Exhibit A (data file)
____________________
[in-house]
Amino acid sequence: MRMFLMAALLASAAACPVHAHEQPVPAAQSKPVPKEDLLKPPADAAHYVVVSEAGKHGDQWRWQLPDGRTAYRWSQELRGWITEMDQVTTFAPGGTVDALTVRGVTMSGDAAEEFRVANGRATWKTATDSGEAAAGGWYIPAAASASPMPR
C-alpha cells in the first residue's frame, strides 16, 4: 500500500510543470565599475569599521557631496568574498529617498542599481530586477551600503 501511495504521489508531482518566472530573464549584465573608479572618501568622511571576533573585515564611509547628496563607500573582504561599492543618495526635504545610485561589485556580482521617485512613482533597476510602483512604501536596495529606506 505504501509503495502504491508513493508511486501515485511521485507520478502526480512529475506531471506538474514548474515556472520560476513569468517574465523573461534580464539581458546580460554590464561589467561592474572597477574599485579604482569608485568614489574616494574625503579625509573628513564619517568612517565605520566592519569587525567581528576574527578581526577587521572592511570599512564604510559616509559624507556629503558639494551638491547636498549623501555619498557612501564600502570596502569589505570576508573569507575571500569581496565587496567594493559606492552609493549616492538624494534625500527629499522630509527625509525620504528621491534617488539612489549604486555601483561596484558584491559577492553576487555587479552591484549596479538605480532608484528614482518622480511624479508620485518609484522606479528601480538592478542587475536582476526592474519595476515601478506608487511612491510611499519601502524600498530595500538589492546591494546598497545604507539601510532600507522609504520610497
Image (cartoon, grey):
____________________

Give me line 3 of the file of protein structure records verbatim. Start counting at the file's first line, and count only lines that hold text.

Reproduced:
C-alpha cells in the first residue's frame, strides 16, 4: 500500500510543470565599475569599521557631496568574498529617498542599481530586477551600503 501511495504521489508531482518566472530573464549584465573608479572618501568622511571576533573585515564611509547628496563607500573582504561599492543618495526635504545610485561589485556580482521617485512613482533597476510602483512604501536596495529606506 505504501509503495502504491508513493508511486501515485511521485507520478502526480512529475506531471506538474514548474515556472520560476513569468517574465523573461534580464539581458546580460554590464561589467561592474572597477574599485579604482569608485568614489574616494574625503579625509573628513564619517568612517565605520566592519569587525567581528576574527578581526577587521572592511570599512564604510559616509559624507556629503558639494551638491547636498549623501555619498557612501564600502570596502569589505570576508573569507575571500569581496565587496567594493559606492552609493549616492538624494534625500527629499522630509527625509525620504528621491534617488539612489549604486555601483561596484558584491559577492553576487555587479552591484549596479538605480532608484528614482518622480511624479508620485518609484522606479528601480538592478542587475536582476526592474519595476515601478506608487511612491510611499519601502524600498530595500538589492546591494546598497545604507539601510532600507522609504520610497